The main idea of public education is to provide all children, regardless of their race, income, or other factors with equal opportunities to study and develop their skills. In her article, Semuels underlines that schooling in America is the responsibility of the states, and the government has to investigate the current education system to give children a good education. Following the Universal Declaration of Human Rights (UDNR) that was developed in the middle of the 1900s, everyone deserves the right to primary free education to develop talents and understand the nature of human relationships and rights (What Is the Universal Declaration of Human Rights?). However, in modern society, the situation when a gifted student from a poor family does not have a chance to visit a top-ranked academic facility is common. In this paper, the disadvantages in education that are inherent to low-income communities will be investigated, focusing on unequal opportunities, racial biases, and income factors through the prism of the UDHR framework.
Despite the intention to create a democratic society with equal rights and freedoms, certain differences between families cannot be ignored. Poverty remains a crucial concern in many countries, and multiple policies aim at identifying the connection between social problems and student outcomes (Galindo et al. 156). The key disadvantages of education in low-income communities are poor funding and no dialogue between the global economy and educational experiences (St. John 1860). Another accompanying shortage is a high turnover rate among teachers who cannot continue working because of the lack of resources and governmental support (Semuels). At the same time, a domino effect is launched immediately. As soon as teachers promote the development of students, the latter, in their turn, do not find it necessary to strengthen their skills and knowledge. The number of students’ multifaceted needs continues to grow, provoking new challenges for families and the necessity to solve race- and income-related problems (Galindo et al. 141). Children from low-income communities are not able to have a good education, and the government, not only local teachers, should be interested in changes and improvements.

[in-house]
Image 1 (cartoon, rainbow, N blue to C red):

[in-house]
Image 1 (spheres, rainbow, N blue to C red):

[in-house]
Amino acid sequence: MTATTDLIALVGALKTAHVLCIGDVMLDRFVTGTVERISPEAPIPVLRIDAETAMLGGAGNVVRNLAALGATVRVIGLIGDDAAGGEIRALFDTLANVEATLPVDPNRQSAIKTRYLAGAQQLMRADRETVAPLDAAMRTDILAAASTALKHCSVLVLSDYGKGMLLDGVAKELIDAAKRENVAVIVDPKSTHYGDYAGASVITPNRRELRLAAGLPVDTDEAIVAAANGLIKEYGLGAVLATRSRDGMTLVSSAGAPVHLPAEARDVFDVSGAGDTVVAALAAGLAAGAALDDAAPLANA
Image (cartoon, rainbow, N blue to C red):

If people want to understand why unequal education in low-income communities is such a serious problem in American society, it is necessary to remember one of the fundamental laws and regulations. In 1948, the General Assembly of the United Nations signed the UDNR where 30 rights and freedoms were identified and equally distributed among people (What Is the Universal Declaration of Human Rights?). In addition to such general principles like all individuals are born free and have the right to live in freedom and safety, attention is paid to equal employment rights, access to food, clothing, and education. Although there is no clearly defined statement that education is free regardless of race or income, the UDHR’s 26 article admits that everyone has the right to an education that is free at the elementary stages (What Is the Universal Declaration of Human Rights?). Besides, education should promote understanding and friendship among racial groups. The second article of the UDHR states that freedoms are established without distinction of social origin, property, and status, which removes income-based inequalities in education.